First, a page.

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Has Sexting Become Mainstream for Young Women?

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'Sexting' isn't just for political scandals. Romance publisher Harlequin polled a group of women aged 18 to 40 to see how they felt about the marriage of love and technology. Their findings in their 2012 Romance Report showed that 43% of the women admitted to having engaged in 'sexting.' Taking it a step further, it appears that 'sexting' came with benefits, as 65% of those women will 'sext' only while in a serious relationship. Casual daters came in second at 36%, admitting to sending a risqué message after just a few dates.

How are social networks contributing to the shift in romantic relationships? According to the survey, 52% of the women were using Facebook as a research tool to find out information about a prospective date, but the women weren't happy when their boyfriends weren't untagging and removing photos of ex-girlfriends in their Facebook timeline.

Still, today many women won't even accept a date via text message and some traditional values do still exist, as over half of the respondents felt the pressure to be married or in a committed relationship.

"Cross cultural studies show that the most sought after male traits are kindness, intelligence and resource potential," said relationship expert Dr. Wendy Walsh. A good sense of humor in-real-life still ranks high, with or without technology.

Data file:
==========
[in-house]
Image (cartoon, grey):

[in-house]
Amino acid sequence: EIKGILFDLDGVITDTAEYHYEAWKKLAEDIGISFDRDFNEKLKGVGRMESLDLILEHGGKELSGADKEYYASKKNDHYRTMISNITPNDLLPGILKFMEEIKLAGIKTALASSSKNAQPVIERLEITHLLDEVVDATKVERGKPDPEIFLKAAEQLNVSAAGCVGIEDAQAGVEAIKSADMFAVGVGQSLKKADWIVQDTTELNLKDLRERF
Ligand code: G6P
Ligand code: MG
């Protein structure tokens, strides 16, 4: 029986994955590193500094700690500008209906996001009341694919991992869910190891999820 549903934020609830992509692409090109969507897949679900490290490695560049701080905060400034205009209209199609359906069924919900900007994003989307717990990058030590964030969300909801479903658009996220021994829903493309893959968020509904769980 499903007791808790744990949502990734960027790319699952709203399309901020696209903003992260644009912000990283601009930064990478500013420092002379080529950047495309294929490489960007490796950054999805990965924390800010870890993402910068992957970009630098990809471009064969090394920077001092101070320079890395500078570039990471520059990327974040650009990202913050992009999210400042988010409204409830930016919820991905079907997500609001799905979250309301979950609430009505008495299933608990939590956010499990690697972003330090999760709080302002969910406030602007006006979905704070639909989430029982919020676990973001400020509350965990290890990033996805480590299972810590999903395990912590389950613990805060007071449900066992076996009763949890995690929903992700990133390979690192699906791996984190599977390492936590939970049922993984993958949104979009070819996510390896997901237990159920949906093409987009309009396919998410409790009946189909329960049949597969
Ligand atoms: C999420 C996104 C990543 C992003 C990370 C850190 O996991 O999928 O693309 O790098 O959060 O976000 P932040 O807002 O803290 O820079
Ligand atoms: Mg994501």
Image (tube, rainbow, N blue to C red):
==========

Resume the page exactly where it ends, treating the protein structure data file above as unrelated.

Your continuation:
Three out of five dating deal-breakers in the survey did include technology, as women felt that men were too dependent on their mobile phones or were grammatically challenged. In a day where you use spell-check to proof read your resume and professional correspondence, why wouldn't you do the same as it relates to your digital love life?

Dr Walsh said, "Men who are addicted to their smart phones may be too disconnected from real world relationships or may have a tech induced attention-deficit-disorder that could impair kindness and intelligence." She added, "Men who display too many photos of themselves with their ex's on Facebook may be showcasing their prior conquests to indicate that they are a player and out for sex rather than love. It may also indicate a lower intelligence associated with insecurity."

As far as sexting, texting, posting, and tagging goes, remember, we're creating a permanent digital footprint every time we push the send button. At the end of the digital day, when in doubt, don't.

Julie Spira is an online dating and netiquette expert. She's the CEO of CyberDatingExpert.com and creates irresistible profiles for singles on the dating scene. Julie is the author of The Perils of Cyber-Dating and The Rules of Netiquette. Follow her @JulieSpira on Twitter and on Facebook.